In the Suburbs / ‘Buy local’ is best mantra for holidays and year-round
Several weeks ago, I heard First Selectman Michael Tetreau on WICC Radio encouraging consumers to shop local and support our town merchants.
I couldn’t agree more and also applaud the efforts of Fairfield Director of Community and Economic Development Mark Barnhart and Chamber of Commerce President Beverly Balaz to make local buying happen with Shop and Stroll evenings and other town events that encourage shoppers to frequent our local merchants.
What is so appealing about downtown Fairfield is that the area has always looked like something out of a picture postcard. And every holiday season the colorful lights and decorations enhance the image in the post card and put shoppers in a buying mood. For this year’s retail season, downtown has already put on its usual festive face.
As part of the town of Fairfield’s launch of its Buy Local campaign, Beverly Balaz said, “The Chamber recognizes the challenges that local businesses face daily which is why the Chamber is excited about this new initiative, and strongly supports this ‘Buy Local’ campaign. In partnership with the town, the Chamber will continue to echo and reinforce this theme throughout the year with a variety of events, including its Monday Money Saver and Street Banner programs, to not only benefit its membership, but the business community as a whole.”
Fairfield has always had a lot to offer in the way of retail. As long-time residents, my wife and I have some wonderful memories of downtown shopping and particularly the Fairfield Store, which truly anchored the town’s retail market for so many years. I’ll never forget when we first moved here and how taken we were with the wonderful stores and the Community Theater where we often went for a Saturday night movie outing. At one point, there was also a charming little travel store on Unquowa Road.
Sadly, the Fairfield Store closed and some commercial establishments such as Victoria’s Secret, Chico’s, Ann Taylor Loft have replaced it, along with Apricot Lane Boutique and Magic Beans, a charming children’s store. And all these stores offer us choices that we might find at the various malls. And the drive downtown will save shoppers the gas they would use going to the mall.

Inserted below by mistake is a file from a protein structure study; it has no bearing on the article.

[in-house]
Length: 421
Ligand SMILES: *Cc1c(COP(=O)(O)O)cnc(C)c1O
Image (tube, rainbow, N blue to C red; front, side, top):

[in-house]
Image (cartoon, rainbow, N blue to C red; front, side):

Because so much has changed downtown, I decided to take a short downtown tour as I planned this column. I made some wonderful discoveries. For instance, on Unquowa Road near the railroad station, I passed by No. 299, Fresh Flower Bar, and Catch a Healthy Habit Cafe, a charming gluten-free and vegan restaurant. Swim N Surf and Salt Water, clothing stores, were also welcome discoveries.
Donnelly Walk, named for the wonderful jewelers who were killed many years ago when their store was robbed, used to have several charming stores, including a beading and craft store that my wife and I visited often. Sadly, that shop is gone. And when I walked through Donnelly Walk, I found several other empty spaces, which I hope will be filled in the new year.
Glancing toward the train station, I saw Bee Hive, which looked to be a charming place. On the corner of the Post Road are the Snappy Gator and La Moda for chic apparel. And around the corner toward the train station, I spotted the Perfect Pair, an eclectic jewelry shop.
B Good, a new restaurant, moved into the old Las Vetas space on Post Road. Las Vetas is now on Unquowa Road. On the corner of Ruane Street and Post Road, I noticed a cute store, Glitter and Grime, in the space where a gallery used to be.
Another growing shopping area near downtown is the Brick Walk. While several different establishments have gone into the east end of the Brick Walk shops, I was pleased to see that Joseph A. Bank men’s clothing, a bike store and the Vintage Garden, a delightful boutique filled with wonderful treasures are still there. Of course, I couldn’t resist the opportunity to stop by Joseph A. Bank and browse.
I was pleasantly surprised to find that Black Friday sales offered some beautiful sweaters, shirts and pants that had been radically marked down from more than $100 to $29, $39 and $49. Don’t miss that store, especially for the holidays.
As good as local Fairfield shopping is, there are still a few gaps, which I’m sure will fill in over the next year. A drive or a walk around the central downtown area reflected these gaps. For instance, right next to the Fairfield University Bookstore where I work, we lost Banana Republic a couple of years ago and that space remained vacant until just recently when a health spa took. It’s scheduled to open soon. I hope that more establishments will be opening, especially in places like Heritage Square and Donnelly Way.
I absolutely hope that holiday buyers will follow Mike Tetreau’s, Mark Barnhart’s and Beverly Balaz’ lead and shop local in Fairfield. I’d suggest that folks mark their calendars for the Holiday Shopping Stroll on Dec. 6, stop by the Fairfield University Bookstore for cookies and Christmas carols and seize the opportunity to help local merchants and truly enjoy downtown Fairfield at this magical time of year and in the future.
Steven Gaynes is a Fairfield writer, and his “In the Suburbs” appears each Friday. He can be reached at firstname.lastname@example.org.